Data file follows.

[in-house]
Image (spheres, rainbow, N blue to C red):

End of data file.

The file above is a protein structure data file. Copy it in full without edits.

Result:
[in-house]
Image (spheres, rainbow, N blue to C red):